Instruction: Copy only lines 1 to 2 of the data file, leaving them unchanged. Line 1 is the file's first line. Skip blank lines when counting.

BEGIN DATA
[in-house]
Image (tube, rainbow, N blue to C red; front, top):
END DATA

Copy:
[in-house]
Image (tube, rainbow, N blue to C red; front, top):